When I was approached about writing a blog for Port 45 Recovery, I was humbled and overwhelmed. I overthink everything, so I immediately began to research the components of a good blog. What I found came down to one simple question to ask myself, “What am I passionate about?” That answer is easy, addiction and recovery.
My name is Kathy Newman and I am a grateful recovering addict. At a little over 9 years clean I am also a graduate of Ohio University with a degree in Social Sciences and I am a Licensed Chemical Dependency Counselor. I am qualified academically but my passion comes from being a person in recovery, working with persons in early recovery, losing my sister to an overdose, having a child born addicted and having loved ones who are still using. I believe that I have more than passion, I have a mission.
In my work, I get to address issues that affect someone in early recovery. Today I would like to discuss the ways that addiction can impact a family. I watched my family fall apart after the death of my sister Sam and I worked hard to repair the damage that I caused to my family in my addiction. Addiction is a family disease, and the addict holds the entire family unit hostage in the chaos.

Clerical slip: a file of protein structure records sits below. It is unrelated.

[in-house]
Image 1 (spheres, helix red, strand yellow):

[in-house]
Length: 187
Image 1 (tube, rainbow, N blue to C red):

I understand that it is easy to be angry at or fearful for the addict still using. I will validate those feelings because addiction is painful for everyone standing in the wake of the destruction that it causes. But these simple words may help to soften the blow of damage that an addict may cause, “hate the addiction, not the addict.” Addicts are human beings and still need to be loved.
Loving an addict does not mean you should enable them. If you are giving an addict money, providing them with a place to live, paying their bills or any other kind of financial relief, then you are preventing them from finding a bottom. An addict will not change until they get uncomfortable enough to do so. Everyone’s bottom is different, and some are lower than others. One person may have a legal obligation that will motivate the change to happen while others do not respond to a legal consequence. Just because someone is court ordered or have CPS involvement is not always the thing that will prompt change.
It really comes down to this analogy. We all have a puzzle sitting in front of us that must be complete in order to recover. Some of us will have pieces labeled probation or CPS. Some of us will have multiple pieces labeled treatment. Some have service work, 12 step recovery, MAT or church.
Everyone’s puzzle is different, and the addict will need to discover what pieces they need or are missing so that they can move into long-term recovery. If they have failed attempts at sobriety then they are missing a puzzle piece and need to find it. Do not give up hope. Recovery is possible and miracles happen every day. I am living proof.
Until next time,